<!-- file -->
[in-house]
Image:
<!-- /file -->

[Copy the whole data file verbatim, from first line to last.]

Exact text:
[in-house]
Image: